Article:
The contribution we make to the Security Council does not relate to our size as a country. Granted, we do not possess the traditional manifestation of power provided by countries such as the United States. But whether big or small, all States are sustained by deeper sources of strength - our spirit, our instinct and our self-comprehension as distinctive nations, committed to achieving a more peaceful world.
From that perspective, I strongly contend that in devising just and wise solutions to the problems of our time, those who question how power is used have a contribution to make, especially when that questioning is dispassionate and disinterested. Strength matters, but the spirit which informs and controls power matters just as much. I believe that in order to confront poverty, disease, violent conflict and to establish a more peaceful world, we must use the UN to build a future in which, to paraphrase President John F. Kennedy, we can match military strength with moral restraint, the world's wealth with our wisdom and power with our purpose.
In my view, the United States, engaging in this way with the international community, under the auspices of the United Nations and providing leadership within its framework, is an America that commands even greater respect throughout the world, not only for its strength, but for its civilised values as well.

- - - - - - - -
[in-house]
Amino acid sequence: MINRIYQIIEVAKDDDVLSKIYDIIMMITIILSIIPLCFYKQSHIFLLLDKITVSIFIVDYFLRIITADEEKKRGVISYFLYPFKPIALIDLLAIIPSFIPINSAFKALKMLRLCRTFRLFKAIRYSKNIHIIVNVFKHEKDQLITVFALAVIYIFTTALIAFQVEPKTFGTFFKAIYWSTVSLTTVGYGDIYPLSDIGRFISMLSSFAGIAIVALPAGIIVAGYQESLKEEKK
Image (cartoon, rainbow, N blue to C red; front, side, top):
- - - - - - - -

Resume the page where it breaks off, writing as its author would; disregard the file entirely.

The Security Council and How it Works: the UN and a World in Transition
The United States is a great and powerful nation, with enormous and unprecedented capacity to defend its interests. If necessary, it has the strength perhaps, unique in history, to stand alone against any combination of possible enemies. But it should never need to do so. Where a cause is just, that cause should never lack support. And I would argue that, however strong the US may be on its own, it is stronger still when it acts in mutual solidarity and support with the international community.
The evidence for this is, in my view, compelling. President Bush brought the issue of Iraq to the Security Council and the Security Council responded with the unanimous adoption of Resolution 1441. In the aftermath of 11 September, the Security Council adopted a series of resolutions aimed at defeating terrorism and facilitating the reconstruction of Afghanistan. On the Middle East, the Quartet - comprising the UN, US, EU and Russia - is now the main instrument of international efforts to resolve a situation fraught with menace and danger.
It is sometimes easy to forget the distance we have come in making a reality the dream of those who founded the UN. We have a system of international collective security which, although still incomplete and far from perfect, is firmly in place. The work of decolonisation is largely finished - an achievement which is all too often overlooked. But the work of bridging the global gap between the haves and have nots has only partially advanced. Human rights are still violated in many parts of the world. But they are also more protected than ever before and, where they are violated, a searchlight now shines.